Some tennis matches are tragedies. Some are comedies. Some are farces. And the outfits are pretty nifty, too. With the sport’s mix of grace and ferocity, brains and brute force, tennis has thwacked its way into plenty of plays, from Shakespeare’s “Henry V” to Amanda Peet’s forthcoming “Our Very Own Carlin McCullough.” Here’s a sampling of recent stage upsets and smashes.
The disgraced tennis great Bill Tilden swung again in A.R. Gurney’s biographical drama, which was staged at Lincoln Center’s Mitzi E. Newhouse Theater in 2004 and starred John Michael Higgins in the title role. In his New York Times review, Ben Brantley wrote that the play, about a gentlemanly athlete and dogged sexual predator, “diffuses its potential impact by assembling notebooks’ worth of research and then laying it out in the manner of a conscientious student’s term paper.”
‘Hell Meets Henry Halfway’
In adapting Witold Gombrowicz’s “Possessed,” the physical theater troupe Pig Iron and the playwright Adriano Shaplin made a Gothic murder mystery a lot sportier. As intrigue swirls in a Polish country home, characters volleyed balls and accusations. The Times critic described the 2004 production as “a Tilt-a-Whirl of a show that leaves you dizzy and means to.”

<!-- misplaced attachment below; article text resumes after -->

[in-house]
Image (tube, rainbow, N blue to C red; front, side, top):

Terrence McNally’s 2007 play is best remembered for its ace cast, Angela Lansbury and Marian Seldes. They played the members of a long estranged women’s doubles team, finally reunited at the United States Open. Ben Brantley characterized the drama’s central conflict as a “fight between two valiant, vibrant actresses against a swamp of a play that keeps trying to suck the life out of them. “
‘Don’t You _______ Say a Word’
Andy Bragen’s 2016 four-hander with an unpublishable title premiered at 59E59 Theaters last year. Mr. Bragen’s heated outburst during an ostensibly friendly match was its inspiration. As two men relive the match and the ensuing tirade, their girlfriends provide color commentary.
‘Scenes From Court Life, or the whipping boy and his prince’
In Sarah Ruhl’s intricate political drama, directed by Mark Wing-Davey at the Yale Repertory Theater last year, siblings Jeb and George W. Bush vie for dominance on the tennis court and off it, too. They’re joined in competition by the Stuart monarchs Charles I and Charles II.
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